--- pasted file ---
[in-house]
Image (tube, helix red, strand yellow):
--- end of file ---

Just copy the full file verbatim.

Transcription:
[in-house]
Image (tube, helix red, strand yellow):